Pedal Osteitis

Also Known As

Inflamed pedal bone

Description

Pedal osteitis is an inflammatory reaction on the lower edge of the pedal bone, characterized by bone problems and vascular channel changes. If the inflammatory reaction is not treated, it can cause vascularization and demineralization or thinning of the bone that is sometimes impossible to reverse.

Since clinical signs of pedal osteitis are similar to signs of navicular disease, chronic laminitis, coffin/pedal bone fracture, and corns, care must be taken to rule out these causes before treatment is initiated.

Symptoms

  • Lameness with reluctance to extend on forward part of stride
  • Pain
  • Inflammation

Causes

Pedal osteitis is usually caused by concussive trauma from routinely jumping or being worked or ridden on a hard surface. Thoroughbreds, racing quarter horses, jumpers, and horses driven routinely on hard road surfaces are at a high risk of sole bruising that can lead to long-term inflammation and pedal osteitis.

Low grade infections, abscesses or puncture wounds, laminitis, or navicular problems are also considered possible causes. In addition, localized impact bruising, poor trimming or shoeing techniques that can lead to formation of chronic corns or hematomas between the layers of the sole, and genetic predisposition may be factors in the development of this condition.

Prevention

Early detection of any symptoms that could lead to pedal osteitis is the best prevention. Awareness of the horse's working environment and the concussive nature of the work load can inform decisions about work load time-off.

The feet should be checked often, and any bruising or puncture wounds taken seriously and cared for immediately. An experienced farrier who is familiar with the physical demands made on the horse can develop a regular trimming and shoeing schedule and adapt shoes so that they work well for the horse's activities.

Owners and handlers should educate themselves about proper treatment of the horse's hooves and feet. In addition, expectations about performance should be realistic for each horse. Horses that have poor hoof characteristics and histories of lameness should not be bred, except under special circumstances, to prevent problems in their offspring.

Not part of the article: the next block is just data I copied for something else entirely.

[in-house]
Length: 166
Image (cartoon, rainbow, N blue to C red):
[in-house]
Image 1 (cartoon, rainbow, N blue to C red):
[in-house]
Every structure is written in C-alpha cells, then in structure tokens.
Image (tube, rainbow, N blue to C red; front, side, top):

Treatment

Treatment of pedal osteitis must be based on the cause of the condition. Given the many possible causes, a thorough examination of the feet using hoof testers, an X-ray examination, and a detailed history of the horse's hoof and feet problems are necessary before treatment can begin. Treatment of the underlying cause is paramount in halting and perhaps reversing the condition.

Removal from work, combined with therapy, will speed the healing process. In some cases, the horse may not be able to return to work.

Care should be taken to trim and shoe the hoof to prevent the sole from making contact with the ground and receiving pressure. The use of special pads may be recommended by the farrier, but care should be taken to make sure the pads do not aggravate the lameness.

Rubber shoes have proven to be helpful in both mild and chronic cases of pedal osteitis. They should be used in a cycle with regular shoes since some concussive force is healthy for the horse.

The farrier may recommend topical application of hoof hardeners when the horse has thin soles. Hoof hardeners should be used with care.

Drug therapy in the area where a nerve block would be performed may be used to provide temporary analgesic relief to the underlying tissue. Systemic anti-inflammatories may be used to reduce inflammation and alleviate pain.

Although not recommended often, a neurectomy of the palmar digital nerves will provide pain relief in extreme cases. The downside of performing this procedure is that the horse may work harder, with continued damage to the area. In addition, frequent routine checking of feet and hooves becomes necessary to ensure that bruises, abscesses, and infections do not develop because, without pain, the horse will give no indication of developing problems.

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